Earl gets tricked into putting a VR helmet on, and Macaluso offers him his wife and daughter in exchange for his eternal worship. Earl isn't fooled, so Macaluso sticks him in the guillotine and prepares to lop off his head. Earl gets Saved, literally and figuratively, by converting to Christianity before the blade comes down, and then Helen Hannah yanks the helmet off his head. Earl inserts the virus program, but before it can upload the bad guys arrive. Parker takes Earl and Helen to the incinerator to burn with the other Haters, while Willie and Cindy are left to stop the virus upload.

Naturally, God intervenes and saves the viewer from a satisfying ending. Nothing Willie and Cindy do can stop the virus program from loading; they pull out every plug, then smash the computer to bits, all to no avail. At the same time, Parker stares in astonishment through the incinerator door window as Helen, Earl, Selma and other Haters stand unharmed in the flames. Parker decides to take care of them personally, so he opens the incinerator door and gets incinerated. And the O.N.E. building burns down. And the Day of Wonders is stopped. But our heroes are perfectly safe, thanks entirely to divine intervention.

Andre Van Herdeen takes over directing duties on this film, and would go on to direct several more Cloud Ten films (including the remaining two Apocalypse sequels). He brings a lot more cinematic style to the table, and delivers a much more entertaining product than his predecessor Peter Gerretsen managed with the original film. No reliance on stock footage here! Sadly, that's not enough to make Revelation any good. It's just a lot less bad. With cartoon villains, unlikable heroes and an awful script, all this film can do is supply safe entertainment for true believers while offering no chance of being taken seriously by a secular audience.

Likely To Convert - 0
Production Values - 2
Acting/Direction - 4
Likely To Be Sat Through - 3
Unintentional Hilarity - 7
Level of Disturbing or Offensive Content - 0

Friday, February 4, 2011


In the world of Christian cinema (otherwise known as Direct To DVD/Video), there are few more prolific than Peter and Paul Lalonde. They are the creative force behind Cloud Ten Pictures, responsible for such classics as Deceived, Saving God, the Left Behind trilogy, and the Apocalypse quartet. It is this latter series about the latter days to which I now turn my reviewer's wrath.

Like Left Behind, Apocalypse deals with the Rapture and its aftermath. Unfortunately, it only has a tenth of Left Behind's budget. To put that another way, if it weren't for stock footage, this film would not exist.

Written and produced by Peter and Paul Lalonde and directed by Peter Gerretsen, Apocalypse follows television reporters Helen Hannah (Leigh Lewis) and Bronson Pearl (Richard Nester), "a man and a woman, caught in the eye of the storm..." It seems there is a "wave of fear spreading around the globe," with the armies of sixty nations converging on Israel for the battle of Armageddon. The World News Network (WNN) sends trusted reporter and anchorman Bronson Pearl to the plains of Megiddo, "the only passage into Israel that Mother Nature has left open," to report on the conflict. Bronson's a do-gooder who wants to make a difference, and show the world what's really going on.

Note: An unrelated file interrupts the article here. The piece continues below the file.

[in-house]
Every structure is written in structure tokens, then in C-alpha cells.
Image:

Helen Hannah, Bronson's girlfriend and fellow anchor, is left behind (ha!) at the WNN news desk. Fellow reporter Suzie comforts Helen on Bronson's chances for survival by telling her that "Jim and I have our whole church praying for him." Helen's grandmother is also a Believer, leaving two conveniently-placed people for Helen to notice missing in the event of the Rapture.

Lots of bad stuff happens, as shown through stock footage. Tel Aviv is hit with chemical weapons, and Israeli General Moshe Alizar is so incensed he condemns the action in English. The film assumes that everyone speaks our language; another reporter speaks in English on electronic billboards around the globe, and everyone seems to understand. They don't even need subtitles!

More bad stuff happens. China sinks a US battleship, and the US destroys China's Ministry of Defence building. "It's like everyone is just assuming there is no turning back," wails Bronson, who ducks every now and then while bombs go off all around him. The one ray of hope the world has is European Union President Franco Macalusso (Sam Bornstein), the one man who has the respect of all the combatants. He's reported to be the only one who can stop the war. All the world's nuclear missiles are launched, and it appears the end of humanity is nigh.

And then... THE RAPTURE!!! People disappear all over the globe, leaving behind piles of nicely-folded clothing. So nice that the supernatural force that took all the Believers up to Heaven took the trouble to fold the clothes like that. A shame it couldn't be bothered to deal with the other consequences of the event. Planes fall because their pilots are gone, cars crash and trains smash into each other. It makes you wonder... if all these Christians believed the Rapture was going to happen, why did so many of them choose careers in transportation? In light of the destruction caused by their vanishing, the Christian pilots, engineers and drivers look pretty darned irresponsible if not completely reckless.

And another thing... are there really that many Christians in the world? The movie makes it seem like every country has been devastated by the vanishings, but how many vanished people would there really be if the Rapture actually took place? Putting aside all the atheists, Jews, Muslims, Hindus, Buddhists, and others, there are so many different kinds of Christians out there, and not all of them believe in the Rapture or being Born Again. Take away all of those people, and how many people do you have left? But I digress...